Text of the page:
Tributes as renowned reporter Victor Gordon dies following illness
Tributes have been paid to one of Northern Ireland's best-known weekly newspaper reporters, Victor Gordon.
Victor, who was in his 70s, died just two weeks after he was diagnosed with cancer for the second time. He worked for most of his career for the Portadown Times and won five awards as the top regional newspaper reporter in Northern Ireland.
Only last month the father-of-three told friends he was planning to write a book about his life and times in the Times.
Victor, who had a quadruple by-pass after surviving two heart attacks, had also beaten prostate cancer after undergoing 37 radiotherapy sessions - which didn't stop him writing.
He was an uncle of former Stormont spin doctor and Nolan Show editor David Gordon, who called him a "tenacious and inspirational legend who had a mischievous glint in his eye and never worried about who he annoyed in pursuit of a good story".
Victor's route into journalism was unusual - via a park bench.
After leaving school he spent four years as a quantity surveyor but disliked the job and retrained as a teacher, working with children with learning difficulties.
He became a social worker but he also supplied rugby notes and football reports for the Portadown Times, whose editor David Armstrong offered him a full-time job in 1970 after an 'interview' conducted on a park bench.
Apart from a brief spell as an editor in Armagh and as a freelance in Belfast, Victor worked for the rest of his life with the same newspaper.
Mr Armstrong said Victor's professionalism always shone through, especially during the worst of the Troubles and the subsequent Drumcree crisis in Portadown.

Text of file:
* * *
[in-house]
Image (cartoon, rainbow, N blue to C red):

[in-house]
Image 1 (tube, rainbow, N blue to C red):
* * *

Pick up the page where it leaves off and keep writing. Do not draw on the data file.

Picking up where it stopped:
Victor once recalled that he took most satisfaction from the campaigning and crusading articles he wrote about health issues and on behalf of disabled and underprivileged people.
But he also enjoyed keeping up with Portadown's famous exiles like Gloria Hunniford. They were contemporaries at Portadown College where they used to dance together during lunchtime sessions and Victor paired up with her later in life to write extensively about her broadcasting career.
DUP MP David Simpson called Victor "a gentleman who was at the heart of the community in Portadown".
Alliance Party leader Naomi Long said Victor was witty and charming, adding: "He still managed to grill me about life and politics better than most interviewers."
Sinn Fein MLA John O'Dowd said: "Victor had his own unassuming way of getting the news and while he was always courteous and had a quick wit, you knew you had to be on top of your game when being interviewed by him."
SDLP MLA Dolores Kelly said Victor was always fair and impartial and was respected by all politicians and journalists. "They don't make them like him anymore," she added.
Head of news at Downtown Radio and Cool FM Nigel Gould, who worked with Victor in Portadown, said he was heartbroken at the loss of a friend and mentor whom he called a "newshound extraordinaire".
The editor of the Belfast Telegraph, Gail Walker, said: "Victor was a great all-rounder - news was his forte but he filed some great, feisty comment pieces too."
Victor had still been writing for newspapers until a short time before he was diagnosed again with cancer.
A devoted fan of Portadown Football Club, he was a talented chorister, having sung for 50 years at Armagh Road Presbyterian Church. His funeral will be held there tomorrow.